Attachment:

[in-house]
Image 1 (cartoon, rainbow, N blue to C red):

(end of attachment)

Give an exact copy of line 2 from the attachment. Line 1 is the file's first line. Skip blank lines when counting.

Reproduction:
Image 1 (cartoon, rainbow, N blue to C red):